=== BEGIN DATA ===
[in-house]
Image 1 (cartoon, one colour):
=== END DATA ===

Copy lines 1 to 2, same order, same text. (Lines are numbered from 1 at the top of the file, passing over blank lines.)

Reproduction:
[in-house]
Image 1 (cartoon, one colour):